NPRM seeks to address effects of discontinuance of copper-based services on consumers, competition.
As many readers doubtless know (and as we have previously reported), the IP transition is underway: telecom carriers are shifting away from time division multiplex (TDM) technology using traditional copper wires; instead, they are embracing Internet protocol (IP) technology using optical fiber and coaxial cable facilities. This shift will implicate a wide range of regulatory considerations which the FCC is already looking into. It will also affect consumers and competitive telecommunications providers who are used to the TDM/copper wire way of life.
In a Notice of Proposed Rulemaking and Declaratory Order (NPRM/DO), the Commission has requested comments on three particular ways in which the transition will affect consumers and competitive providers.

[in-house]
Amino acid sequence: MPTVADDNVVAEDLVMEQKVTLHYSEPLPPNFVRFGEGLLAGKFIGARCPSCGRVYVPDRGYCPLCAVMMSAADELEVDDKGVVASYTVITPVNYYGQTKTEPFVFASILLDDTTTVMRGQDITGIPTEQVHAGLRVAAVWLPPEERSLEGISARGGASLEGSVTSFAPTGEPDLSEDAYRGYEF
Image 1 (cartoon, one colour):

Back-up Power. The legacy copper network is powered from the telephone company central office, where back-up generators are usually available when commercial power fails. Because consumers don’t need to provide their own electricity to power their landline phones, the phones usually work during a power outage as long as the phone wires on the street haven’t been knocked down. But when phone service is Internet-based and provided by cable or fiber, power does not come from the central office – meaning that, if a household relying on IP/non-copper telephone service loses power, its phones go dead unless some back-up power system is in place in the consumer’s home or office.Continue Reading...